Boston Celtics guard Marcus Smart is donating his blood plasma to National COVID-19 Convalescent Plasma Project to aid ongoing research about the coronavirus, according to Shams Charania of The Athletic and Stadium.
Smart announced Sunday doctors had determined him to be free of the coronavirus after he tested positive earlier in the month.
The United States has more confirmed cases of COVID-19 (184,183) than any other country, and 3,721 Americans have died from the disease, per CNN.
No vaccine for COVID-19 exists. In addition, CNN’s Robert Kuznia spoke to medical experts who questioned whether one could be developed within the 12-18-month window posited by Dr. Anthony Fauci, the head of the National Institute of Allergy and Infectious Diseases.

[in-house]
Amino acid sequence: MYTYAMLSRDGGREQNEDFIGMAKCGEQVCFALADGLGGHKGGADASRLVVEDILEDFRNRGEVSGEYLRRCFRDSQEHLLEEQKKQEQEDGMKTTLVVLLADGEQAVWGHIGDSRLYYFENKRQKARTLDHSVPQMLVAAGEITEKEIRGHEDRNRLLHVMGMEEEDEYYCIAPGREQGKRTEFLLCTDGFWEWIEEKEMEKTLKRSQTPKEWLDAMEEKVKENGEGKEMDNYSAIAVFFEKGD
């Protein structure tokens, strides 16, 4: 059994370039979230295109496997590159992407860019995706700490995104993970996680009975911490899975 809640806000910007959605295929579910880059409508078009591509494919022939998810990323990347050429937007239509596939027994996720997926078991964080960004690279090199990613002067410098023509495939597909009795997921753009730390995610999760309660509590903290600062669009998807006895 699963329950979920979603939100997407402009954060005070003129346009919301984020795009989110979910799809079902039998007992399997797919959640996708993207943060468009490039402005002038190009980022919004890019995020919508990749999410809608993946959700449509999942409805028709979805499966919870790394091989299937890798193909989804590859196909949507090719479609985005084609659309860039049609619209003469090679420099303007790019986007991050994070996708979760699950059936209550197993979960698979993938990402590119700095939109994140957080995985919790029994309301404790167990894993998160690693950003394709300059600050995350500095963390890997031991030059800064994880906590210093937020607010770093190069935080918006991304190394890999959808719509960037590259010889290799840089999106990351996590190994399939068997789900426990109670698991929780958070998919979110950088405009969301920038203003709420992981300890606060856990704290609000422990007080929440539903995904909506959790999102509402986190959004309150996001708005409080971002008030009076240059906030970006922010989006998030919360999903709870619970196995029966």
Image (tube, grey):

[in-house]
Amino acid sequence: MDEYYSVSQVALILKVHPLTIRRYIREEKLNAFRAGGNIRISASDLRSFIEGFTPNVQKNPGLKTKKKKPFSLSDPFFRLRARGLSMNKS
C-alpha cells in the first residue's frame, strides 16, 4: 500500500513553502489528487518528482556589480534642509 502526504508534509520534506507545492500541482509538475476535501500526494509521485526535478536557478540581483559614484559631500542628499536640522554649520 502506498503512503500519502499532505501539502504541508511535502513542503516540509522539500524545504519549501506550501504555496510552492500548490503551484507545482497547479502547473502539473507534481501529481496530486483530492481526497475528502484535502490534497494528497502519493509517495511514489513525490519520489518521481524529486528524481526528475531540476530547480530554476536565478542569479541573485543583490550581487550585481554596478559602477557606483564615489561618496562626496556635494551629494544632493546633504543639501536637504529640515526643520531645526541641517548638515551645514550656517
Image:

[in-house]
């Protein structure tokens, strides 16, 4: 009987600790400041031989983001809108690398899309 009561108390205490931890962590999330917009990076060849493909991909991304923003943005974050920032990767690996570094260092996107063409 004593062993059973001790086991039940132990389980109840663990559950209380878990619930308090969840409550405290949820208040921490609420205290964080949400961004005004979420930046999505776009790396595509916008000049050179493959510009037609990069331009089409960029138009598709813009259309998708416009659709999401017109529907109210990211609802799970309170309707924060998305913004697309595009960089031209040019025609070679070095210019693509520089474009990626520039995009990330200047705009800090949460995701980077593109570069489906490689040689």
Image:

“I don’t think it’s ever been done at an industrial scale in 18 months,” Dr. Amesh Adalja said. “Vaccine development is usually measured in years, not months.”
The Atlantic‘s Sarah Zhang detailed how doctors are using the plasma of people who have recovered from the coronavirus to learn more about possible treatments:
“In addition to using plasma on a case-by-case basis for very ill patients, doctors are also planning to study convalescent-plasma therapy for COVID-19 more systematically. Soon, the New York Blood Center plans to send out plasma for clinical trials at several hospitals, such as Johns Hopkins, the Mayo Clinic, and Montefiore Medical Center.”
Charania reported Sunday the NBA was supporting the National COVID-19 Convalescent Plasma Project and asking any team individuals who have recovered from COVID-19 to consider donating plasma.
Smart is among the handful of NBA players who have tested positive, a group that includes Utah Jazz center Rudy Gobert and guard Donovan Mitchell and Brooklyn Nets forward Kevin Durant.
Courtesy: Bleacher Report